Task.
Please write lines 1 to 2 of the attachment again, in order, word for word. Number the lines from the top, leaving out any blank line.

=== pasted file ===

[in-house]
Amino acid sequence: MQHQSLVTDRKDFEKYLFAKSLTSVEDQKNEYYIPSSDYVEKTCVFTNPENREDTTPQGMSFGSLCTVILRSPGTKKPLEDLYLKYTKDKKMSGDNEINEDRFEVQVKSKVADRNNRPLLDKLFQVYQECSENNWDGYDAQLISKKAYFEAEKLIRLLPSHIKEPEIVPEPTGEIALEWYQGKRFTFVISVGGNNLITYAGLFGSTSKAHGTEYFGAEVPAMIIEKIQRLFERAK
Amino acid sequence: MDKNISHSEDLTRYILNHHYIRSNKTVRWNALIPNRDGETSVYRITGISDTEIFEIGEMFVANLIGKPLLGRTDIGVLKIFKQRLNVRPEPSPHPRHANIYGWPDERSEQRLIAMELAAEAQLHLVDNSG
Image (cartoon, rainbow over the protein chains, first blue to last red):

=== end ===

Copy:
[in-house]
Amino acid sequence: MQHQSLVTDRKDFEKYLFAKSLTSVEDQKNEYYIPSSDYVEKTCVFTNPENREDTTPQGMSFGSLCTVILRSPGTKKPLEDLYLKYTKDKKMSGDNEINEDRFEVQVKSKVADRNNRPLLDKLFQVYQECSENNWDGYDAQLISKKAYFEAEKLIRLLPSHIKEPEIVPEPTGEIALEWYQGKRFTFVISVGGNNLITYAGLFGSTSKAHGTEYFGAEVPAMIIEKIQRLFERAK